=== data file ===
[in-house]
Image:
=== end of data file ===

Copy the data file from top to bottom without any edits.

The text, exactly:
[in-house]
Image: